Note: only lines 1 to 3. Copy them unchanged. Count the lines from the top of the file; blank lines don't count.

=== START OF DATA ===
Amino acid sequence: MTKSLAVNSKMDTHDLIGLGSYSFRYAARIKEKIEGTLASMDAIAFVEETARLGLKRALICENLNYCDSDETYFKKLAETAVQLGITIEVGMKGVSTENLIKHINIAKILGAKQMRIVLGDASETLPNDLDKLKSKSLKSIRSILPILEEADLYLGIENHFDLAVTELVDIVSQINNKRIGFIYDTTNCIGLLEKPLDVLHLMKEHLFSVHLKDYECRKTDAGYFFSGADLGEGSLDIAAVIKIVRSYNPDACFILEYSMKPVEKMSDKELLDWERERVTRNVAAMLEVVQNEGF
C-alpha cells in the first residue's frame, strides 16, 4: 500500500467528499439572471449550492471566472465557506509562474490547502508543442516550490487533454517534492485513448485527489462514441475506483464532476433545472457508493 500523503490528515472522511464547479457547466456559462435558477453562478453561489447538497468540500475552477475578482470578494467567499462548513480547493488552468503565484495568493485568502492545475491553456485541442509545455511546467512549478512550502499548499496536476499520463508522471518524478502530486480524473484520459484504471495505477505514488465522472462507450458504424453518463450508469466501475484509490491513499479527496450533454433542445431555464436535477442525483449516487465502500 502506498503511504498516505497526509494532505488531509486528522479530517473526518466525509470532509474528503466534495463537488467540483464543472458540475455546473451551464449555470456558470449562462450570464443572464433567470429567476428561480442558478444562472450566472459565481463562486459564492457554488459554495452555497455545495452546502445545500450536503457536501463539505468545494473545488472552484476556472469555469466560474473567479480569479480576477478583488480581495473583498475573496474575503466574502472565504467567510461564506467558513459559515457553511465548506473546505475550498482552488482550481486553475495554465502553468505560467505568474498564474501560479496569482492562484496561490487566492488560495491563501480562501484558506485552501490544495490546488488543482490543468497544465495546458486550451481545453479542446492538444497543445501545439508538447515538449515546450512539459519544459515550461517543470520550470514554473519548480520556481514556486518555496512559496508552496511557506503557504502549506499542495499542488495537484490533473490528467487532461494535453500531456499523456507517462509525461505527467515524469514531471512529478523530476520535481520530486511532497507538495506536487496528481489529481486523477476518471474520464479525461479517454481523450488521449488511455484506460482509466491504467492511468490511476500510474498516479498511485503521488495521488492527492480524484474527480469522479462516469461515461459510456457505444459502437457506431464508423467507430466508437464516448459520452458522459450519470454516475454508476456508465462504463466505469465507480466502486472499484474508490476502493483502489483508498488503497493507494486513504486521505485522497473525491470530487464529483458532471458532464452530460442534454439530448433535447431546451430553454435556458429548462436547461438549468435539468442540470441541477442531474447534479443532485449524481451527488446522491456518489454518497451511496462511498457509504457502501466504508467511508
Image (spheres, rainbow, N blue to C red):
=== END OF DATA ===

Amino acid sequence: MTKSLAVNSKMDTHDLIGLGSYSFRYAARIKEKIEGTLASMDAIAFVEETARLGLKRALICENLNYCDSDETYFKKLAETAVQLGITIEVGMKGVSTENLIKHINIAKILGAKQMRIVLGDASETLPNDLDKLKSKSLKSIRSILPILEEADLYLGIENHFDLAVTELVDIVSQINNKRIGFIYDTTNCIGLLEKPLDVLHLMKEHLFSVHLKDYECRKTDAGYFFSGADLGEGSLDIAAVIKIVRSYNPDACFILEYSMKPVEKMSDKELLDWERERVTRNVAAMLEVVQNEGF
C-alpha cells in the first residue's frame, strides 16, 4: 500500500467528499439572471449550492471566472465557506509562474490547502508543442516550490487533454517534492485513448485527489462514441475506483464532476433545472457508493 500523503490528515472522511464547479457547466456559462435558477453562478453561489447538497468540500475552477475578482470578494467567499462548513480547493488552468503565484495568493485568502492545475491553456485541442509545455511546467512549478512550502499548499496536476499520463508522471518524478502530486480524473484520459484504471495505477505514488465522472462507450458504424453518463450508469466501475484509490491513499479527496450533454433542445431555464436535477442525483449516487465502500 502506498503511504498516505497526509494532505488531509486528522479530517473526518466525509470532509474528503466534495463537488467540483464543472458540475455546473451551464449555470456558470449562462450570464443572464433567470429567476428561480442558478444562472450566472459565481463562486459564492457554488459554495452555497455545495452546502445545500450536503457536501463539505468545494473545488472552484476556472469555469466560474473567479480569479480576477478583488480581495473583498475573496474575503466574502472565504467567510461564506467558513459559515457553511465548506473546505475550498482552488482550481486553475495554465502553468505560467505568474498564474501560479496569482492562484496561490487566492488560495491563501480562501484558506485552501490544495490546488488543482490543468497544465495546458486550451481545453479542446492538444497543445501545439508538447515538449515546450512539459519544459515550461517543470520550470514554473519548480520556481514556486518555496512559496508552496511557506503557504502549506499542495499542488495537484490533473490528467487532461494535453500531456499523456507517462509525461505527467515524469514531471512529478523530476520535481520530486511532497507538495506536487496528481489529481486523477476518471474520464479525461479517454481523450488521449488511455484506460482509466491504467492511468490511476500510474498516479498511485503521488495521488492527492480524484474527480469522479462516469461515461459510456457505444459502437457506431464508423467507430466508437464516448459520452458522459450519470454516475454508476456508465462504463466505469465507480466502486472499484474508490476502493483502489483508498488503497493507494486513504486521505485522497473525491470530487464529483458532471458532464452530460442534454439530448433535447431546451430553454435556458429548462436547461438549468435539468442540470441541477442531474447534479443532485449524481451527488446522491456518489454518497451511496462511498457509504457502501466504508467511508
Image (spheres, rainbow, N blue to C red):